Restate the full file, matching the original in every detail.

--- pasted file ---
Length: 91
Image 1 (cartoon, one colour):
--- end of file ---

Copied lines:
Length: 91
Image 1 (cartoon, one colour):